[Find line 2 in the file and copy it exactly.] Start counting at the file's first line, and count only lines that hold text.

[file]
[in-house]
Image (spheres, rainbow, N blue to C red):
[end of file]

Image (spheres, rainbow, N blue to C red):